Bob Rae figures out democracy
(Ignatieff and Rae)
Liberal leadership contender Bob Rae is making this interesting plea for democracy on his website.
All weekend, I'd been hearing rumors about this, but today I was really surprised to read press reports about various MPs moving for an immediate vote to elect our Leader next Wednesday, in the Commons caucus.
I thought I'd seen a lot of politics over 30 years of public service, but this one really came from left field.
The idea of taking away the vote from tens of thousands of grassroots activists in every part of Canada, and reducing the franchise to just 76 men and women seems so out-of-step with the modern world.[bolding is mine] It makes you shake your head. Here's just a quick, off-the-cuff list of things that struck me as wrong about this idea:
- The activist base of the party would be unable to vote. As an MP, I'm enormously and profoundly grateful to the volunteers who sustain my political career in my riding. I cannot imagine rewarding their tireless work by removing their say in the leadership.
- Significant portions of the country that didn't elect a Liberal MP would be unable to participate. What about the voice of rural Liberals, of almost all of Western Canada, of Quebeckers outside Montreal? All of these folks would be silenced.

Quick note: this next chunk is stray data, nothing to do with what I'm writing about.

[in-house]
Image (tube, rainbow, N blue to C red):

- What about the Senate? These great Liberals, distinguished Canadians from inside and outside of politics, would have their votes taken away after lifetimes of service.
- What about the Party Constitution? The party is preparing a perfectly viable, constitutionally valid plan for holding a one-member-one-vote ballot electronically in mid-January. That's just a few weeks away, and gives us time to prepare for the Conservative budget. It's timely, legal, workable, low-cost, and constitutional.
It's up to us to put a stop to this hasty, ill-considered idea for electing our leader. I am raising my voice publicly for your right to vote. Please help me by raising yours as well.
Why confine democracy to Grits, Mr. Rae? If it's good enough for Grits, it's good enough for all Canadians.
There is no doubt that Jack Layton is the brain behind the anti-Harper coalition and Stéphane Dion is the funny salesman who tried to sell it to Canadians. But the person who sold it to the Liberals was Bob Rae.
When the first rumours about the coalition surfaced last week on Parliament Hill, few people gave them much credence. Many Liberal MPs wouldn't feel comfortable with Dion leading the Christmas Parade in Vaughan, and Michael Ignatieff and his supporters were against it.
Then former prime minister Jean Chrétien got involved and one MP told me that "now it's clear that Bob Rae is behind this." He also said that Rae's move "trapped" Ignatieff, who had to support the deal because otherwise "he is going to be seen as the person who kept Harper in government."